‘Swagalicious’ SA Olympic kit: designers take criticism on the chin

It was a race against the clock, with many hurdles to jump, and they are ‘proud’ of their efforts

01 August 2021 - 12:10 By Mluleki Mdletshe and Yasantha Naidoo
Emerging designers Mbali Zulu, Sipho Lushaba, Nompumelelo Mjadu and Sandile Sikhakhane, who were behind the Olympic athletes' opening ceremony kit.
DOING THEIR BEST Emerging designers Mbali Zulu, Sipho Lushaba, Nompumelelo Mjadu and Sandile Sikhakhane, who were behind the Olympic athletes' opening ceremony kit.
Image: Supplied

SA’s fashion police may have hated their kit for the country’s Olympic team, but the young Durban designers behind it say they are not fazed locals didn’t think their designs were lekker.

Fledgling designers Nompumelelo Mjadu, Sandile Sikhakhane, Sipho Lushaba and Mbali Zulu, who were part of the eThekwini municipality’s Durban Fashion Fair mentorship programme last year, told the Sunday Times last month they were channelling late president Nelson Mandela and his famous shirts, the country’s national flower and the big five for the opening ceremony kits for Olympic and Paralympic  athletes.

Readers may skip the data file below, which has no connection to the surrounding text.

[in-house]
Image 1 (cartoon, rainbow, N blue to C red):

But many South Africans and internationally acclaimed local designers weren’t impressed by the ensemble of shirts, khaki pants, SA flag socks and veldskoens.  

Critics said the design was too busy, didn’t reflect the rich cultural diversity of SA’s population and the inclusion of veldskoens and khaki shorts projected an Afrikaner bias.